By Laura Thornton
As an inventory technician at Kennedy Krieger Institute, John Perry spends much of the workday stocking, packing and delivering supplies to various departments at Kennedy Krieger. But his favorite part of the day doesn’t involve inventory at all.
“I love working in the parking garage,” says Perry, 22, who has autism spectrum disorder. “I love cars. Mustangs are my favorites.”
Perry graduated from Kennedy Krieger High School’s certificate program this past June. During his last year of school, he participated in Project SEARCH, an internship program for young adults with neurodiverse traits. He interned with different departments at the Institute and attended professional development classes. The Institute’s Facilities Department hired Perry at the end of the program.
“We had a position open for our inventory control team. John had interned with us during Project SEARCH, so we knew he could do the job,” explains inventory technician Shawn Fallin, Perry’s mentor.
But of all the internships Perry did during Project SEARCH, he most enjoyed picking up trash in Kennedy Krieger’s Broadway Campus parking garage, and “I didn’t want to take that away from him,” Fallin says. So every afternoon, Perry takes a break from delivering supplies and heads over to the garage to keep it looking tidy. It’s the perfect midday assignment for Perry.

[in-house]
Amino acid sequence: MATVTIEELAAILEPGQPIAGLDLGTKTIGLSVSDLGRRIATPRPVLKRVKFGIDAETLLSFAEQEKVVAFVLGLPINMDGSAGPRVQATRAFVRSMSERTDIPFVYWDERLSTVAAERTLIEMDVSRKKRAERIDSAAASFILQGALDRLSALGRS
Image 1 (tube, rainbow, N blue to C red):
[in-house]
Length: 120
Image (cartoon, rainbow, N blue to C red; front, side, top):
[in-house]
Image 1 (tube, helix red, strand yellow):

Since joining the Facilities staff, Perry has impressed everyone with whom he’s worked. Fallin initially accompanied Perry on deliveries, but Perry soon started making deliveries on his own. One day, Fallin received a call from a department to which Perry had recently delivered supplies. “They liked John so much, they wanted to know if they could contact him directly for their supplies!”
"John always has a smile on his face and is always very excited to work,” says Bayadir Mohamed-Osman, an employment training specialist with Project SEARCH. “His personality shines through whatever he does—and he always remembers what kind of car I have.”
When Mohamed-Osman gives Perry feedback, “he incorporates that into his job,” she says. “He takes initiative and brings the feedback up the next time we meet. I’m really proud of him, and of how he’s become such a great employee and colleague.”
Perry is one of six staff members hired by Kennedy Krieger since 2018 through the Institute’s HR Pathways Hiring Program, part of the Institute’s Neurodiversity at Work initiative. Three are mentored by Kennedy Krieger’s CORE Foundations program, which supports individuals with neurodiverse traits working at Kennedy Krieger and in the community.
“I’ve been so impressed by John’s growth as a professional,” says Rebecca March, EdD, Project SEARCH coordinator. Perry’s ability to be independent—scheduling his own rides to work and taking ownership of his job duties—has been the most significant change she’s seen in him. “All of these independent tasks have allowed John to become more confident and feel successful.”
“John’s attitude is always very positive, and he’s a great colleague,” Fallin adds. “Working with him has helped me better understand individuals with autism—and that’s living the mission of Kennedy Krieger.”